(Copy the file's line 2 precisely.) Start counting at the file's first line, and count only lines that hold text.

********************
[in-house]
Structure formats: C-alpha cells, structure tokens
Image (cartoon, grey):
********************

Structure formats: C-alpha cells, structure tokens